A huge criticism leveled against Fernandez is that she constantly resorts to populist measures to boost her ratings instead of acting in national interest. Back in 2010, when Argentina and the UK fell out over Britain drilling for oil off the coast of the long disputed Falkland Islands many thought it was another ploy for Kirchner to boost support at home ahead of the elections.
Restrictive policies and intervention
The YPF expropriation is only the latest in a string of protectionist measures launched by Kirchner.
Her government enacted import controls as the country's 2011 trade surplus declined year-over-year, hit by economic growth and a strong peso. At the time, Argentina arbitrarily increased the range of products that would be liable to import taxes.
This was also followed by a measure that forced companies in the extractive sector - those that are responsible for providing raw materials like oil, gas, metals, minerals that are extracted from the Earth - to repatriate their export revenues.These measures came at a time when capital flight began to be perceived as a huge risk.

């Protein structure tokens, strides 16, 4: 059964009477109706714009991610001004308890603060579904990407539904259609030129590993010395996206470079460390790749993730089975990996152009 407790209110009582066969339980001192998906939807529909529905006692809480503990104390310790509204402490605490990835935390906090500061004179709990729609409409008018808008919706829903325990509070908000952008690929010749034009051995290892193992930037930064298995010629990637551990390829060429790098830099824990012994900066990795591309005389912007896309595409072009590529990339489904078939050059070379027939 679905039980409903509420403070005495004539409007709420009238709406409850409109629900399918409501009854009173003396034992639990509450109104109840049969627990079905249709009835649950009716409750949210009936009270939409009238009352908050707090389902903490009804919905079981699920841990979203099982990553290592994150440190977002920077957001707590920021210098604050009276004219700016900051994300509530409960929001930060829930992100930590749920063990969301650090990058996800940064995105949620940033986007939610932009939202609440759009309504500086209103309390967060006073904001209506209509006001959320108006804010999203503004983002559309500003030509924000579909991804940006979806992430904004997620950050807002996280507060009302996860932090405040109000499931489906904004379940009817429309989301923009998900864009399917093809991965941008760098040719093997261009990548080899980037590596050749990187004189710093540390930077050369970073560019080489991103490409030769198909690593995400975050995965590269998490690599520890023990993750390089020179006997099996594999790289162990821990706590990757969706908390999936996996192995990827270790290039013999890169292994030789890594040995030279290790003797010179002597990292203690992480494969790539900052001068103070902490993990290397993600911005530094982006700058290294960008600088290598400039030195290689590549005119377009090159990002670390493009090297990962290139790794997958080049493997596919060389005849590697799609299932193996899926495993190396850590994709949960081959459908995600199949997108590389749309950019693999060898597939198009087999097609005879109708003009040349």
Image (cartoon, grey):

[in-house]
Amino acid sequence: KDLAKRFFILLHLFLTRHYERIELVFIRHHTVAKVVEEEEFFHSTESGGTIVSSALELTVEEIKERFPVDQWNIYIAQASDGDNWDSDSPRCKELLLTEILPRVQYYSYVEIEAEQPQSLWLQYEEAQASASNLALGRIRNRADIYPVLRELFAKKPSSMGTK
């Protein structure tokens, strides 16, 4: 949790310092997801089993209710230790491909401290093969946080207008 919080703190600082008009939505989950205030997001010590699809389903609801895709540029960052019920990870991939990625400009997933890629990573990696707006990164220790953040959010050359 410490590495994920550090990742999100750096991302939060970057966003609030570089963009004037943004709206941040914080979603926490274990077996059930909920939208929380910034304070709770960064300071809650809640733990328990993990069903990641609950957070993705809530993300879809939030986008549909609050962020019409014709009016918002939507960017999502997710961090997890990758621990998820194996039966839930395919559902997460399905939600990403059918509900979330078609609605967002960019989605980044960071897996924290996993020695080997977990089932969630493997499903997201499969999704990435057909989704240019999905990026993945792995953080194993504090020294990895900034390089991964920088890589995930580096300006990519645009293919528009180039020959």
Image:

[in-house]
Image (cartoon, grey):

The inflation mess
Higher commodity prices and Argentina's expansionary policies have helped its economy grow but also caused a rise in inflation that the government has tried unsuccessfully to keep in check through heavy subsidies.
Inflation is currently over 20 percent, and it is widely claimed that the country misrepresents its inflation data. Remember, the Fernandez was trying to silence any unofficial inflation numbers in the country and the state even tried to file criminal charges against economists at MyS Consultores for allegedly publishing false information about the country's inflation numbers.
Kulesz warns that Argentina is looking at stagflation:
"In the absence of policy adjustments, we think Argentina is headed to stagflation pretty much like past and present populist experiments in Latin America. YPF nationalization can only reinforce the view of this one-liner. If we are right, the long term will arrive for Argentina, and when it does, reality will bite irrespective of any short term popularity boost."Don't Miss: CITI - Here's What The 21 Hottest Emerging Markets Will Do This Year >